The role of exposure to environmental tobacco smoke (i.e., passive smoking) is not clear. Some studies suggest that exposure to ETS is a significant risk factor for ARIs, especially LRIs, and others found it controversial. Smoking by parents or grandparents did not emerge as a significant risk factor for ARIs.[24] Whereas, some workers demonstrated fairly convincingly a role of ETS as an essential risk factor for the development of severe RSV disease leading to hospitalization.[18],[20],[30] In contrast, others found that parental smoking is a significantly higher in patients with ARIs compared to those without ARIs.[19] In the present study, exposure to ETS has a role in ARIs if the percentage of indoor smoke was greater than that of outdoor smoking exposure.

In the present study, an overcrowding index of >3 persons per room was detected in over one-third of the children, showing the importance of the overcrowding index as a risk factor for ARIs. Many previous studies[19],[22],[23],[31] have demonstrated that the overcrowding index is a risk factor for ARIs. The household crowding index of 2 or more was associated with an increased risk of RSV hospitalization.]23] Furthermore, infant death due to LRIs was associated in other reports with large families, household crowding, and contact with older siblings.[31]

Forty percent of children in the present study had a positive history of exposure to a person with respiratory symptoms. There was uncertainty in the role of this factor in ARIs if we compare the above percent to the percent of children with ARIs (60%) who did not report the history of exposure (as reported by their mothers). Exposure to a relative with ARI increases the severity of RSV and HMPV infection and URI in sibling, which were reported as significant contributors of acute LRIs in children below 5 years of age.[14],[24]

In the present study, several socioeconomic factors such as parent education, family income, inappropriate immunization for age, low birth weight, poor house ventilation, and presence of dampness at home do not seem to have a role in the risk of ARI in under 5 children. Boor et al.[31] reported that the educational level of parents was negatively associated with the occurrence of severe acute LRIs in under 5 children. Incomplete immunization for age was associated with an increased risk of acute LRIs.[14],[15],[17] In the present study, children who had ARIs with missed doses of immunization schedule constituted only 3.5%.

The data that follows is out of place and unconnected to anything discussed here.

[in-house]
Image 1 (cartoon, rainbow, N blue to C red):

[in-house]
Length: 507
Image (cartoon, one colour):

Low birth weight has been shown to be associated with markedly increased risk for LRI death among all racial groups.[32] In the present study, children with low birth weight constituted 11% and those with very low birth weight constituted 0.5% in agreement with previous reports of a inverse relationship between bronchiolitis and increasing birth weight.[20] Many studies concur that children are at an increased risk for ARIs, especially the young ones.[6],[32] However, in our study, only four children attend nursery perhaps because use of daycare center is not a common practice in our society.

The relationship between the socioeconomic status remain unsettle. It has been shown by workers from Kuwait that children from low and medium socioeconomic status groups tend to have higher respiratory morbidity than those in the higher group.[33] However, a study of the under 5-year-old children in Iraqsuggested that ARIs were negatively associated with lower socioeconomic status.[34] Our study's results are in concordance with those of the former but at variance with those of the latter study perhaps as most of the children in our study belong to families with low income and that children from families with better income could have been admitted to private care facilities, but this could not be confirmed in this study.


  Conclusions Top


The present study revealed that children under the age of five are at an increased risk for LRI. In addition, increased risk of ARI is associated with male sex, urban residence, positive family history of atopy, lack of breastfeeding, and exposure to indoor air smoke. Future studies should focus on the impact of known modifiable risk factors and also attempt to identify additional risk factors contributing to ARIs. Improvement in maternal health education, smoking cessation, and promotion of exclusive breastfeeding in the first 4 months may help reduce the incidence of ARI. Educating the caregivers or parents about the prevention and control of ARI illnesses is strongly recommended. Repeating this study after review of the national expanded program of immunization and wider use of seasonal influenza vaccine is recommended.

Acknowledgments

The authors would like to thank all the parents who participated in the study.

Author contribution

All authors participated in the conception and conduct of the study. They all had access to all the data and their analysis. ST drafted the manuscript. All authors revised the manuscript critically for intellectual content and approved its final version.

Financial support and sponsorship

Nil.

Conflicts of interest

There are no conflicts of interest.

Compliance with ethical principles

The study was conducted in accordance with the Declaration of Helsinki (2013). The Hospital's Scientific Committee approved the study. All participating mothers provided informed consent before proceeding to the survey questions. Data were downloaded and analyzed anonymously.



 
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    Tables

  [Table 1], [Table 2], [Table 3], [Table 4], [Table 5]